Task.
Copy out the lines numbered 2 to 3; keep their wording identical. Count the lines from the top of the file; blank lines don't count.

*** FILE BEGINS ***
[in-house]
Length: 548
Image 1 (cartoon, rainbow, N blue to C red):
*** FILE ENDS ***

Length: 548
Image 1 (cartoon, rainbow, N blue to C red):